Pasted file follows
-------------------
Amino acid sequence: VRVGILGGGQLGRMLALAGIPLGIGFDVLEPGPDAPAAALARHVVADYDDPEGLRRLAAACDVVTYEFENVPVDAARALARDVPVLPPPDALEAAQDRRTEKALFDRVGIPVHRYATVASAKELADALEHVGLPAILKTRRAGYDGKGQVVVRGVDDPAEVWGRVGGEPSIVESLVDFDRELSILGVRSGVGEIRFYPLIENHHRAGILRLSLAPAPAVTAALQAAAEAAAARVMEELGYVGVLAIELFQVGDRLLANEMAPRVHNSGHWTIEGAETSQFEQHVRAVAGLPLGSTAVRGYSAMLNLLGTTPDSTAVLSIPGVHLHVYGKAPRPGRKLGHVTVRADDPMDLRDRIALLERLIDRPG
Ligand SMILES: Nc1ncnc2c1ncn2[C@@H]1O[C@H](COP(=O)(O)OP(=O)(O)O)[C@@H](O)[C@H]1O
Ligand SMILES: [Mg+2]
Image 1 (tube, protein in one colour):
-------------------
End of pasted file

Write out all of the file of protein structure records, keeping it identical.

Amino acid sequence: VRVGILGGGQLGRMLALAGIPLGIGFDVLEPGPDAPAAALARHVVADYDDPEGLRRLAAACDVVTYEFENVPVDAARALARDVPVLPPPDALEAAQDRRTEKALFDRVGIPVHRYATVASAKELADALEHVGLPAILKTRRAGYDGKGQVVVRGVDDPAEVWGRVGGEPSIVESLVDFDRELSILGVRSGVGEIRFYPLIENHHRAGILRLSLAPAPAVTAALQAAAEAAAARVMEELGYVGVLAIELFQVGDRLLANEMAPRVHNSGHWTIEGAETSQFEQHVRAVAGLPLGSTAVRGYSAMLNLLGTTPDSTAVLSIPGVHLHVYGKAPRPGRKLGHVTVRADDPMDLRDRIALLERLIDRPG
Ligand SMILES: Nc1ncnc2c1ncn2[C@@H]1O[C@H](COP(=O)(O)OP(=O)(O)O)[C@@H](O)[C@H]1O
Ligand SMILES: [Mg+2]
Image 1 (tube, protein in one colour):